SD School of Mines Partners with Stevens High School for Engineering Program

Feb 26, 2018

Stevens High School junior Joseph Spray (center) works with fourth year SD Mines mechanical engineering student Weston Shutts (right) on a machine in the Stevens classroom.
Credit South Dakota School of Mines & Technology

A new program is giving Rapid City high schoolers a taste of the manufacturing industry. The partnership between Stevens High School and South Dakota School of Mines and Technology is being called a modern revival of shop class.

The design for manufacturing partnership began when School of Mines mechanical engineering instructor Aaron Lalley met Stevens High School teacher Jason Reub through a manufacturing summer camp a few years ago. Lalley says Reub was already bringing some manufacturing skills into his classroom, and the partnership seemed natural.

Lalley also says there’s a need for engineering graduates to have the design skills that can come from a more modern take on shop class.

“You know, the shop classes today don’t look the same as they did 20 years ago," Lalley says. "Jason’s classes are a great example. I mean he’s doing 3D printing, laser cutting, and a lot of design software training. And our first year course is real similar, we’re teaching a lot of the same things.”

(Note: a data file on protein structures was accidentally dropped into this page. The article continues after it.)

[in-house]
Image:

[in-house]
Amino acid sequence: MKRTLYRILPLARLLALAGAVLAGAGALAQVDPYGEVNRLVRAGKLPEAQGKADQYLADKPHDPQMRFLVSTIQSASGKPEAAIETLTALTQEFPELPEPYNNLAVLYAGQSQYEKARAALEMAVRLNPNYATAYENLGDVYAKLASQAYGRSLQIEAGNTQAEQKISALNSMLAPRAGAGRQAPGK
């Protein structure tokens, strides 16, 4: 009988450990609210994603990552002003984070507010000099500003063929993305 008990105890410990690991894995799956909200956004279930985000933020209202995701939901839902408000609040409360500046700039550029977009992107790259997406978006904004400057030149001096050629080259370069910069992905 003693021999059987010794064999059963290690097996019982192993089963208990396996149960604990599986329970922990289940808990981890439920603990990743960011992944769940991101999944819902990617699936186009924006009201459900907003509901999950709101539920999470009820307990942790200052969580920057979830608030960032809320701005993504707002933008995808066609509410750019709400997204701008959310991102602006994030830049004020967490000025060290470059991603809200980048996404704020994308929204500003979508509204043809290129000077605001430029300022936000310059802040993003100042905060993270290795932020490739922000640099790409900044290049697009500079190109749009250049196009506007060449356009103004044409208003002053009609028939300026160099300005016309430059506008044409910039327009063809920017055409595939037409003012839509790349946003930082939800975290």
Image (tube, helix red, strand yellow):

The partnership between SD Mines and Stevens High School offers students training in manually operated mills and manual machining. Students can use the machinery to cut raw materials like steel into the parts needed for their designs. That experience with the early design process can make students more efficient manufacturers in the future.

Lalley says at this beginning level, high schoolers can design what interests them—from mugs to coasters to catapults.

“One group is doing an R2D2 garbage can," he adds. "But then conceptually you know it’s just to get the manufacturing skills at this level. Then they turn around here in the sophomore year and then they’re gonna design products that might be focused on energy conservation or autonomous robotry. “

He says this partnership establishes vertical integration from late high school through college engineering programs and then into the work force.

The design for manufacturing partnership with Stevens High School is underway this semester. Lalley says he hopes to establish partnerships with other Rapid City schools in the future.